19TH: You are part of a number of black women across the country who have been at the forefront of confronting this pandemic. Why do you think it is that black women have been so vocal and visible at this time?

HARRIS: I think it’s because we know that we have seen this play before. We’ve seen this movie before. We saw it with Katrina. We’ve seen it so many times. And folks are, I think, rightly fed up that other people are not leading and so are leading. What’s that saying? “Lead, follow, or get out of the way.” That’s how I’m feeling, and I know so many others are. Because this stuff is too real; this is not theoretical.

19th: We know that former vice president Joe Biden — now the presumptive Democratic nominee — has pledged to put a woman on the ticket. Is the role of vice president one you feel you are qualified for, especially in this moment, and is it one you are interested in?

HARRIS: I have to be very honest with you: I am not thinking about that. I really am not. Literally, I did not leave D.C. They’re saying in the next couple of weeks, D.C. is going to hit its peak. I’m talking on almost a daily basis with one or another mayor of my state — if not my governor — about the fact that today and tomorrow, they’re running out of masks. People are standing in food lines for hours. Literally, this is so real, it is so present, and this is my focus. I feel a very profound and deep sense of responsibility to bring voice to some of these issues.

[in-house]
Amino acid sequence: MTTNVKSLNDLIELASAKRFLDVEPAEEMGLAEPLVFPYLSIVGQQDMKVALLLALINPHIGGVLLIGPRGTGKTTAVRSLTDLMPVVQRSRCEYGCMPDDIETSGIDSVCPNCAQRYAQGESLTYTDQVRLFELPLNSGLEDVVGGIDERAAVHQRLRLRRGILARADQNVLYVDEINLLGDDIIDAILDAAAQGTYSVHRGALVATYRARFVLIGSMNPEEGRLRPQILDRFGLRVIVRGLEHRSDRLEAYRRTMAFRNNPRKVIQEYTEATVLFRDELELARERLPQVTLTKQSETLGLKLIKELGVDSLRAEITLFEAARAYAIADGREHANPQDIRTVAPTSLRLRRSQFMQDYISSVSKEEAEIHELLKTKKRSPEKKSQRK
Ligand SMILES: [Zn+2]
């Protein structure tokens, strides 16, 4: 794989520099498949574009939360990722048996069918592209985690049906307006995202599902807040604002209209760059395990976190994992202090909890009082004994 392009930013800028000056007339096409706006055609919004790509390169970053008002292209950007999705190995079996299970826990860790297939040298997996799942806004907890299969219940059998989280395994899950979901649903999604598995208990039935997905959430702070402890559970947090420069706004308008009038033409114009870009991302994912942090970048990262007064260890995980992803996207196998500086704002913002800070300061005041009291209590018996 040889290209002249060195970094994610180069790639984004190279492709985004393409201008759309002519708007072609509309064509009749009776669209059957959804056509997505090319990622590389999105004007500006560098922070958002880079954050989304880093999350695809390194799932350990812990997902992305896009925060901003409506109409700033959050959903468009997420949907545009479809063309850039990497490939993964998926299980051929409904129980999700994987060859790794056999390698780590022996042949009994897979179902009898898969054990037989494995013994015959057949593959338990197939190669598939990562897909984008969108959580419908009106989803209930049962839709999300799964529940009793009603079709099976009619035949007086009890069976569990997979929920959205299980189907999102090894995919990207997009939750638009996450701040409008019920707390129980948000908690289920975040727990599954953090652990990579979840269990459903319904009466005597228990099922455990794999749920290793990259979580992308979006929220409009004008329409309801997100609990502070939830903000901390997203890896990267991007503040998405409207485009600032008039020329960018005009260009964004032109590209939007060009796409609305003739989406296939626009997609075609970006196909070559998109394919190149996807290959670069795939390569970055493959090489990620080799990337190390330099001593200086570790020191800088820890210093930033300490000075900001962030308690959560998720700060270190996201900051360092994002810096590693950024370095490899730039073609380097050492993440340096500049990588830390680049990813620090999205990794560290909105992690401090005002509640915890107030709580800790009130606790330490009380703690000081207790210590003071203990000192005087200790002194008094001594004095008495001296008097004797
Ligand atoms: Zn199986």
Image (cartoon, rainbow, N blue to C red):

When it all comes down to it, what each of us does as a leader at this moment … these moments of crisis are a real measure of leadership. I’ll tell you I’m honored, of course, to be part of the conversation, but it’s not where my head is at.

19TH: Was it important for Biden to decide to run with a woman, and was it something that you discussed with him at all?

HARRIS: I’ll just speak for myself as a former candidate for president: When I was asked, “Have you decided who you would pick for your VP?” My response was, “Well I haven’t figured out who she’ll be yet.” So I think that was my perspective. Listen, I have supported Joe Biden and endorsed him enthusiastically, and I’m really excited that [President Barack Obama] has endorsed him. We’re ready to defeat Trump in November.

19TH: This pandemic has changed the course of this election, and we are in the midst of a conversation about how Americans can safely participate in our democracy, both in upcoming primaries and in the general election this fall. What are your concerns about voting rights, voter suppression and voter safety in 2020?

HARRIS: I’m very concerned about it. I’ll tell you, I’ve been working on voting rights issues since way back when I was the co-chair of the Lawyers’ Committee for Civil Rights. We have the classic voter suppression especially enhanced after Shelby v. Holder in 2013, and on top of that, we have what was proven in 2016 to be foreign interference, which we know is active and alive and doesn’t care about the coronavirus. And now in addition to those things, we have this pandemic, and states like Wisconsin playing too cute by half, thinking that they could force an election and get what they wanted in terms of conservative judges, and then look what happened. That backfired, at least as to the one.